Actually, honest relationships is something the show excels in. Again, the characters just feel like genuinely good people, trying to do the right thing. They aren't superheroes or incredible Holmesian detectives, but they know right from wrong and they do the best they can. That's actually pretty refreshing and makes in a surprisingly funny, nuanced, and well-written comedy. I'm excited to see where it goes.


One year later and with the upcoming release of a new season I wanted to bring Alison up-to-speed, so off we went with another binge-athon (albeit a bit more restrained than last time). Thankfully, the show really holds up. I'd somehow not realised how many exceptional moments season one contains: the first Halloween special is brilliant, the Thanksgiving episode is a great character development piece, the introduction of the Pontiac Bandit, Terry's PTSD, Vivian, the Tactical Village "blood" bath, and of course the cliffhanger ending. It's all a huge amount of fun and it so deftly sets up the characters. Yes, the first few episodes are a little stilted, but actually it's remarkable how quickly the show finds its feet. It's great.


Our rental property in Arundel had free Netflix and so we introduced the group to the 99 (and immediately got hooked again). Every time I watch this show I'm amazed at how the characters are just immediately present. In many sitcoms, the first season or two feel a little stilted in hindsight, as the writers get to grips with where the comedy is, and the actors get comfortable in their roles. But not here. Brooklyn 99 hits the floor sprinting. At most, I think you could say that the pilot is a little rough in places, but even here the general formula is visible and solid. Yes, some of the characters are a bit more one-dimensional at this stage, but they don't feel flat – they just haven't begun to subvert expectations yet.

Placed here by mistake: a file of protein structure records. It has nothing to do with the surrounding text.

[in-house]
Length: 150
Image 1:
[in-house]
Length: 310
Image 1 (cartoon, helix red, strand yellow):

I do wish that we got more episodes following up on the Tactical Village though. Of all the running gags (Halloween, the Pontiac Bandit, etc.) this is one I think they could have done more with.

Season Two

Spoilers Ahead: My reviews are not spoiler-free. You have been warned.

The show comes out swinging into a second season that really helps develop the core characters and introduces several new solid additions to the recurring cast. Most importantly, it doesn't perform a song-and-dance around Jake going undercover for the FBI, instead cleverly using it as a way to move the general narrative forward by half a year. It gives the show a clean break, lets everything feel far more settled and skips over what could have been a drawn-out mess of multiple timelines, without making it feel like a cheap knock out. In many ways, it actually reminded my a little of how Rick & Morty has classically left a season on a major cliffhanger only to quickly wrap it up in the following episode.